6. Jan 21, 2017 #5
    I appreciate that so far everything has supported the results predicted by Copenhagen Model of Quantum Mechanics. "Thought Experiment" is a misnomer. I simply called it that fully aware that it is a physical impossibility for many reasons.
  7. Jan 21, 2017 #6


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    That's the whole point of a Bell test, so yes.

    A "loophole-free" Bell test has to avoid two big historical objections:

    - The signalling objection. What if the two systems are colluding? What if they have time to communicate?
    - The detection objection. What if the chance-of-detection is related to the measurements agreeing? How do we know failures-to-correlate aren't hiding in the photons you didn't detect?

    The signalling objection is countered by synchronizing the measurement events precisely enough that light doesn't have time to travel from one to the other. You get the two measurement sites as far apart as you can, and use fast electronics to get the measurements done quickly.

    The detection objection is countered by getting the detection rate really high, or by using some third system to herald which detections you will use

    Historically it was difficult to address both of the objections in the same experiment. But recently we have done experiments that addressed both.
  8. Jan 21, 2017 #7
    So in the example of the original experiment I reference the coincidence of two geiger counters clicking at the same time , the definition of simultaneous detection was somewhat loose, i.e. did the two Geiger counters click within a 1/10 th of a second of each other or 1/1,000,000 th of a second of each other? With the modern equipment do the detectors involve atomic clocks to define simultaneous detection? If yes how exact is the simultaneous detection?
  9. Jan 22, 2017 #8
    Let me ask the question about a "loophole free" Bell Test in a different way. How does overcoming the signaling detection and detection objection as described eliminate the possibility that somehow the entangled photons are preprogrammed depending on how the electron annihilation event itself takes place? An analogy could be that most twin birthing events result in a fraternal twins but once in a while we get identical twins. Unlike the photons the identical twins develop identically instead of opposite but still identical twins are a function of prenatal development...could the photons preprogrammed characteristics not be a function of the electron annihilation event itself? So far it appears the one thing we have evidence of is that local variables can not be the explanation as this involves actions on the photons that go against special relativity.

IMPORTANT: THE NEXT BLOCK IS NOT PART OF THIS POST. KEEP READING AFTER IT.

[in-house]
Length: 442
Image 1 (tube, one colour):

10. Jan 22, 2017 #9


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    The first issue you need to look at is your understanding of Bell's Theorem. It says:

    No physical theory of local Hidden Variables can ever reproduce all of the predictions of Quantum Mechanics.

    There are no pre-programmed value sets that work as you describe except in a few very special measurement settings. It just happens that one of those special settings is when the same measurement is performed on both particles. But for most settings, that is not the case. So generally the pre-programmed idea fails, even though it works for your analogy. It's like saying that all people in the world are British when you yourself are in Britain. You need to look a bit further, as Bell did in 1964.